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Mac Swanson’s Unselfish Play Breaks Records at the World Junior A Challenge

By Greg Bates, 12/28/23, 6:15PM EST


Swanson recorded nine assists, the most ever in a single tournament

Mac Swanson has proved that when he’s on the ice, he’s one of the most unselfish hockey players around.

The Team USA forward picked up nine assists in the six-game World Junior A Challenge in Truro, Nova Scotia, which ran from Dec. 10-17. Those nine assists were the most ever by a player in the 17-year history of the tournament.

“When you see all the NHL players that have played in that tournament, it’s definitely a really cool honor that I could do it, but my linemates helped me out a lot for sure,” Swanson said. 

Along with the nine helpers, Swanson added a pair of goals. His 11 points tied him as the second leading scorer in the tournament as he helped Team USA win a bronze medal with a record of 5-0-1-0 (W-OTW-OTL-L).

The Anchorage, Alaska, native was on the first line with fellow forwards Trevor Connelly and James Reeder.

Swanson — who played with Connelly in the 2023 Hlinka Gretzky Cup but had never skated with Reeder prior to this tournament — felt an immediate connection when he started playing with his crafty linemates.

“They kind of got open a lot and I just tried to put it on their tape, and it worked out,” Swanson said. “We just had chemistry to start the tournament, and it just kind of carried on.”

Despite Team USA not accomplishing its ultimate goal of taking home the gold, Swanson really enjoyed his experience at the World Junior A Challenge.

“It was awesome,” Swanson said. “I did it last year too, but any time you can play for Team USA is a really cool honor.”

The tournament was also an eye-opening experience for Swanson, who picked up some valuable on-ice lessons.

“The big one is you can’t really make a big mistake because it’s such a quick tournament,” said Swanson, who will turn 18 on Jan. 10. “That one mistake could end up costing you a gold medal. You’ve really got to focus on the little details.”

Swanson is hoping to carry over his on-ice success with Team USA to his regular team, the Fargo Force.

“I know where my game can be at, especially in that tournament. That’s kind of my expectation now throughout the rest of the year,” Swanson said. “I think just knowing where my level can be at and just kind of working to get better and keep at that high level.”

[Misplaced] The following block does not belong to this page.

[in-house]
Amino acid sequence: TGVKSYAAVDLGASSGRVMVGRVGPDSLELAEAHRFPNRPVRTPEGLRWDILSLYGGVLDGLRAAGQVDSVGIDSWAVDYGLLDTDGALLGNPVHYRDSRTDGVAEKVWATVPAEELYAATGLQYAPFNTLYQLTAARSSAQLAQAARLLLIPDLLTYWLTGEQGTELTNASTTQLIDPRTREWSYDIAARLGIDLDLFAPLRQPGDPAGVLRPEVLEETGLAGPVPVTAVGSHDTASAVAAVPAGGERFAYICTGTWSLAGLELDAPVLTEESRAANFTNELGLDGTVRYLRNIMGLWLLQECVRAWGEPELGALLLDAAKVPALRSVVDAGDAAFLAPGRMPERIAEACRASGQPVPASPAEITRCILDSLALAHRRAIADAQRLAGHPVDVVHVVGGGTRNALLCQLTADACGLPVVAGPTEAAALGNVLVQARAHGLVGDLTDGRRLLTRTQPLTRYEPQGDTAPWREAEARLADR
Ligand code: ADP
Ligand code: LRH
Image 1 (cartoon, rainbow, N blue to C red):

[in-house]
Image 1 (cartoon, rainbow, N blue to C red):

Swanson is in his second season with the Fargo Force in the USHL. He played in 21 games before Christmas and racked up 26 points, with 19 of those being assists, tying him for fourth-most in the league.  

As a second-year player, Swanson is trying to put more on his shoulders.

“Coming into this year you kind of get more of a leadership role for sure being a returner,” said Swanson, who put up 55 points in 57 games last season. “I don’t consider myself one of the older guys, but I definitely try to lead by my actions, which I think is a really good thing.”

The Force have had a phenomenal first half of the season, winning 22 of their first 26 games and owning the best record in the USHL.

Swanson has some lofty goals for the rest of the season.

“As a team, just to win the Clark Cup. That’s everybody’s goal,” Swanson said. “But especially losing in the finals last year kind of makes you even hungrier to win it this year. And, individually to keep improving my game. With the draft and stuff like that hopefully just keep improving and eventually more to come in the summer.”

An advantage of playing juniors in Fargo for Swanson is being able to be near some quality college hockey just 80 miles up the road in Grand Forks.

The University of North Dakota had been on Swanson’s radar for quite some time when he committed to the hockey powerhouse in November 2022.

“Just going on a couple different visits, everything there, the facilities, the coaches, you don’t have any excuses not to get better, really,” Swanson said. “That’s just a great spot to keep improving and definitely go to the next level.”

Before Swanson turns his attention to the college game, he will have to look ahead to the professional game, as Swanson is eligible for the 2024 NHL Entry Draft.

Swanson — whose dad, Brian, played in the NHL with the Edmonton Oilers and Atlanta Thrashers — is looking to show NHL teams he has the ability tocompete at the highest level.

“Just my two-way game and just being unselfish, that’s my two things that I try to focus on,” Swanson said. “Also, my work ethic every single game and try to prove to them why I’m good enough to get drafted.”

At just 5 feet 7 inches, 157 pounds, Swanson is on the smaller side when it comes to NHL players. However, he doesn’t let his size hamper his ability.

Swanson emulates guys such as Montreal Canadiens winger Cole Caufield. At the same height as Swanson, Caufield dropped to the No. 15 overall pick in the 2019 draft but has become an elite scorer in the league.

“You see he’s not the biggest guy, but he can play in the NHL at a high level,” Swanson said. “Some other guys like Mats Zuccarello on the Wild, I really like watching, too. Just being a smaller guy, you try to take stuff from those guys. They just prove that you can be any height to play in the NHL.”

Story from Red Line Editorial, Inc.

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